Liao is a rising draw cut with the false edge of the jian. It is effective from both the right and left sides of the body. Liao is usually part of a defect/cut combination, a circular movement. In a right handed grip, it is very effective against a committed thrust from the opposite. The deflection in this case is performed with the flat of the blade and the tip upward. The deflection is made by turning the body sideways with the weight on the rear foot. In this movement, the rear foot is opposite to the sword hand - sword in right hand, back-weighted left foot.
The sword talisman hand is active in Liao, as in all the basic cuts in these sword fighting lessons. During the deflection, it braces the inside of the wrist. This is especially helpful if you are up against a heavier sword and a style that uses strength rather than flexibility. As soon as the opposite's sword is offline and the cut changed from defense to attack, the hands separate and the sword talisman circles up under the blade, bringing it to a mental halt, pointing under, but not touching the sword hand wrist when the position is right for the next cut.
Left handed swordsmen can change the foot and hand directions to the opposite ones in this explanation.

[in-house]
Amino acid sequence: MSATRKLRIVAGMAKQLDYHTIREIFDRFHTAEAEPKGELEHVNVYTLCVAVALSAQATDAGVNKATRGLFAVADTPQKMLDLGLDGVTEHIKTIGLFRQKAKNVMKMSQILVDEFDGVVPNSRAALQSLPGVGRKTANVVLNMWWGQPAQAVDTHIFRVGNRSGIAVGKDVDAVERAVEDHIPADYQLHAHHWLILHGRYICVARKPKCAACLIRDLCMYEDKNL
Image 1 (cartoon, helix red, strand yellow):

When using Liao from sword hand side of the body it can most easily be performed with a step forward on the sword hand side. These are not rules. Just preferences. Liao can be done with or without a step, and launching from either leg. It can also be used very effectively from side to side with a step each time, in a similar way to common two handed rising cut sequences.
Duo is a heavy chopping motion using both hands. It cuts downward.All two handed sword styles have similar cuts. The difference here is that the jian is a single handed sword. The hilt of a jian is long enough for hand and a half use for many people. One hand can easily fit over the end of the hilt and the pommel. This cut is more usually done by putting the two fingers of the sword talisman hand on the hilt behind the leading hand. I almost always do Duo with both hands gripping, which compensates for female lack of strength.
Praticing Duo reminds me of scissors opening and shutting. The blade begins in a raised position at 45 degrees and cuts down to another 45 degree angle with the blade to the ground. Its natuaral accompaniment is Tiao. It flows well if the front foot moves forward, stepping to the ground at the same time the tip reaches its downward position.
In the Michuan jian form, it is performed as a low squatting movement such as Matt is demonstrating below. Some of the younger, more flexible students in our Blue Mountains group are able to use it in freeplay. They simply disappear out from underneath, giving themselves the position to deliver a low strike straight after the Duo .... most disconcerting. In their sword fighting lessons up here, they are taught to use youthful flexibility to the best advantage and try not to lose it as they grow older.
The next sword fighting lessons to go up on this site will be on ways to deflect or parry.